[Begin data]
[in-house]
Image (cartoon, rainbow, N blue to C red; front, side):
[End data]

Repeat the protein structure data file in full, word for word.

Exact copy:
[in-house]
Image (cartoon, rainbow, N blue to C red; front, side):